So for now, it looks like Broken Arrow again. But if history is any indication, never say never. Stay tuned.

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New West Records has announced details on Pegi Young’s fourth album, to be titled Lonely In A Crowded Room.

The album, officially credited to Pegi Young And The Survivors, features a mix of original new songs by Pegi Young, as well as a selection of covers from Allen Toussaint and Irma Thomas (“Ruler Of My Heart”); Spooner Oldham (“Lonely Women Make Good Lovers”); and Jerry Ragovoy (“Don’t Let Me Be Lonely”).

The album will be released by New West on 10/27/14. Here is the complete track list:

I Be Weary
Obsession
Better Livin’ Through Chemicals
Ruler Of My Heart
Lonely Women Make Good Lovers
Don’t Let Me Be Lonely
Feel Just Like A Memory
In My Dreams
Walking On The Tightrope
Blame It On Me

PegiYoung-Lonely_Cover

Pegi Young And The Survivors will also be supporting the release with a handful of West Coast shows, with more sure to follow.

Here are the tour dates announced thus far:

10/30/14 Seattle, WA Rendezvous Jewelbox Theater
11/02/14 Vancouver, Canada The Media Club
11/07/14 Los Angeles, CA THE MINT
11/09/14 San Juan Capistrano, CA THE COACH HOUSE

nystandup

Earlier this week, the release of Neil Young’s new single “Who’s Gonna’ Stand Up?” was announced both via Neil Young’s official website and in a press release issued by Warner/Reprise Records.

A typically barn storming, “rusty” sounding version of the new song was first previewed for European audiences this summer on Neil Young’s tour with Crazy Horse, and was also performed in an acoustic version at this year’s annual Farm-Aid benefit show.

According to the press release from Warner Bros., the song will also appear on Neil Young’s upcoming Storeytone album (amended from the earlier reported spelling of Storytone), due out this November. Based on everything we have heard, the version that will presumably be appearing on Storeytone is the orchestral version, which we have posted immediately below:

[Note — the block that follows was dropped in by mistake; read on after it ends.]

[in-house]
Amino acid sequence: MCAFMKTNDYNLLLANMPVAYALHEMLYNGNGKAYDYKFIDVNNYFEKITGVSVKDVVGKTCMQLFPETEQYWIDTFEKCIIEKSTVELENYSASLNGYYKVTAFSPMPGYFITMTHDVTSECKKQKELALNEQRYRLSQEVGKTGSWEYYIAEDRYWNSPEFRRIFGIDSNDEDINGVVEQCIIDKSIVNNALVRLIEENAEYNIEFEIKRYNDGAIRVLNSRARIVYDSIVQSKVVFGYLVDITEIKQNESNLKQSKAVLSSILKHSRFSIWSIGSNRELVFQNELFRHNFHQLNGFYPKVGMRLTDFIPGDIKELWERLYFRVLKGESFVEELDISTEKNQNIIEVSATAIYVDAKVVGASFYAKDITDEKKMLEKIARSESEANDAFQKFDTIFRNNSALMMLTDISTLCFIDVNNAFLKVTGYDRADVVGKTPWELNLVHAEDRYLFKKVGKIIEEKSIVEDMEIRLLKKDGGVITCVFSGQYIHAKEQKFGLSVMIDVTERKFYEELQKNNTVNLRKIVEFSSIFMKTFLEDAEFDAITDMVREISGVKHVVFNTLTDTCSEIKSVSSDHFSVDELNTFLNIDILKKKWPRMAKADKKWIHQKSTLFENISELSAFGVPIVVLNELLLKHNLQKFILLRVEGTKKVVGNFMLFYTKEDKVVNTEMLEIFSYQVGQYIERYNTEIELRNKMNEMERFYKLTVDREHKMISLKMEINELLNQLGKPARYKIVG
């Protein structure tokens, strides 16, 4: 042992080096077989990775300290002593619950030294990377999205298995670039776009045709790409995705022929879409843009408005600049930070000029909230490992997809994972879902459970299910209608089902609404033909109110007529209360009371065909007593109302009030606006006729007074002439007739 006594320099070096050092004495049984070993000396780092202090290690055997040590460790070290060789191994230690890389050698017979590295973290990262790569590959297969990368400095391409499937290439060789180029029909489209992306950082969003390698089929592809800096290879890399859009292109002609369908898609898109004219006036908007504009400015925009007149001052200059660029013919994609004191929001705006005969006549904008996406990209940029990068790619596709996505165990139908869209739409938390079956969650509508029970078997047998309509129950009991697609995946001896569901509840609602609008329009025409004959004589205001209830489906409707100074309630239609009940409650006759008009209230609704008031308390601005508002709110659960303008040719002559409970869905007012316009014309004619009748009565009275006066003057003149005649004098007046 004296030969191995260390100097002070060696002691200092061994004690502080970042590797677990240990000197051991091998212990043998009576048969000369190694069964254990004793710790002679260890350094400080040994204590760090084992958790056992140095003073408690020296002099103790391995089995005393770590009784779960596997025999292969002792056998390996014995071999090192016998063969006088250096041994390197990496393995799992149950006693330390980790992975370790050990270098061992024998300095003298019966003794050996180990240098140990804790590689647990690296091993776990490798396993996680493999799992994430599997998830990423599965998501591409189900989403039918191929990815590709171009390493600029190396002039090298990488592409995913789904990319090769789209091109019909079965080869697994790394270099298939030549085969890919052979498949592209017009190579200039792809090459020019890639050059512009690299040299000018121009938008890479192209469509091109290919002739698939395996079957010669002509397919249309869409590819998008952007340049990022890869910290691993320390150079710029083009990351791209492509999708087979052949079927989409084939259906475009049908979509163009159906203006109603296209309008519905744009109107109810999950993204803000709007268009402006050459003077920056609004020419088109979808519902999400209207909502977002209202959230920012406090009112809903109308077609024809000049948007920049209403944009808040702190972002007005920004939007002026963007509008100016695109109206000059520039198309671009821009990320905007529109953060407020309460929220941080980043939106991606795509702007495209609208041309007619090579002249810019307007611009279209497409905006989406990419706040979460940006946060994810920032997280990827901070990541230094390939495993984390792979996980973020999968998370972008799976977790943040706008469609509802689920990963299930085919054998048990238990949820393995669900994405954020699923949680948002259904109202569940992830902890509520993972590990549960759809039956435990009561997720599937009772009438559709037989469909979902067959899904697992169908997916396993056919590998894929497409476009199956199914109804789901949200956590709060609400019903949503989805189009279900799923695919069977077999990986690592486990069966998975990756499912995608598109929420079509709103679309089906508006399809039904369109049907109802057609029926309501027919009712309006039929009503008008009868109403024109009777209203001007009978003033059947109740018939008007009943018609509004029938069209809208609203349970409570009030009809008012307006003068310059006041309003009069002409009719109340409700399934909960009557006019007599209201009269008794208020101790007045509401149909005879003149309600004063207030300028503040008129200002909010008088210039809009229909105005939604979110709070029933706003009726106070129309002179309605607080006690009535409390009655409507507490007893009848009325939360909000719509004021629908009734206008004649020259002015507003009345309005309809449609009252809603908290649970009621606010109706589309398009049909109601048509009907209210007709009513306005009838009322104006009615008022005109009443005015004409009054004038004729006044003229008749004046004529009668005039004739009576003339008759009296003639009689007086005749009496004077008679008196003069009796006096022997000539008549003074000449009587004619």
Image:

Orchestral Version

Here are the other two versions of “Who’s Gonna’ Stand Up?” – the live, full band version with Crazy Horse, and the solo acoustic version – made available this week by Neil Young and Reprise Records.

Live with Crazy Horse

Acoustic Version

Warner Bros. was also kind enough to post this lyric sheet for this great new song, which the press release goes on to describe as a “plea to end our dependence of fossil fuels and realize our responsibility to protect our earth’s fragile eco systems to ensure the quality of life for future generations.”

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To learn more visit Neil Young’s official website.

First off, we humbly apologize to all of our loyal readers for the lack of recent updates, and want to thank those of you who have stuck it out with us anyway during our self-imposed summer sabbatical.

But at least part of the reason for the inactivity here is that, up until recently anyway, there just hasn’t been that much to report on coming out of the Neil Young camp.

With Crazy Horse performing basically the same exact setlists – with only the rare and occasional minor twist here and there – across Europe most of this summer, any daily tour reports seemed pretty pointless and redundant to us. However, much has obviously changed in just the past two weeks.

seattle-crazy-horse-neil-young-2012